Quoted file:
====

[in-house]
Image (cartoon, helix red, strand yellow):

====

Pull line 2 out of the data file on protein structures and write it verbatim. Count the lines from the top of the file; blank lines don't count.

Image (cartoon, helix red, strand yellow):